"The food costs have gone up a little bit, but it's the labor (that's prompting the changes)," said D'Alessandro, who employs more than 40 people at his five locations. "Every time we're doing payroll it's like -- Wow -- it hits us."
The July 1 jump in Chicago's minimum wage to $13 an hour, from $12, was the final step in a gradual increase that began in 2015, when the city's wage floor was $8.25. Starting next year the wage rises annually with the consumer price index, though an ordinance introduced last month seeks to raise the city's minimum wage to $15 by 2021, plus eliminate the subminimum wage for tipped workers and exceptions for groups like teens and workers in transitional programs. Meanwhile, Illinois' minimum wage is set to gradually rise to $15 by 2025, from $8.50 currently, part of a wave of minimum wage increases sweeping cities and states across the U.S. amid heightened awareness of income inequality.
In Cook County, a single person working full time must earn $13.54 an hour to pay for basic needs, according to a living wage calculator developed by a professor at the Massachusetts Institute of Technology.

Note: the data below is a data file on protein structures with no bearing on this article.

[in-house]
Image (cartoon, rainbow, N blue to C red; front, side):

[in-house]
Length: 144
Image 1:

Some research has found that raising the minimum wage has a modest impact on consumer prices. A University of California at Berkeley, study published last year examined online menu prices at nearly 900 restaurants in San Jose, Calif., before and after the city raised its minimum wage from $8 to $10 in 2013 and found an average price increase of just 1.45%.
But other studies find steeper price effects as the wage climbs higher. And as the price gap widens between eating out and eating in, some consumers may be more inclined to cook at home than pay $8 for a burrito they used to get for $6.